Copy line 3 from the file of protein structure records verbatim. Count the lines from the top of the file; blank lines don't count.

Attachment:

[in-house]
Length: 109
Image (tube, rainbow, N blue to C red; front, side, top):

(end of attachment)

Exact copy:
Image (tube, rainbow, N blue to C red; front, side, top):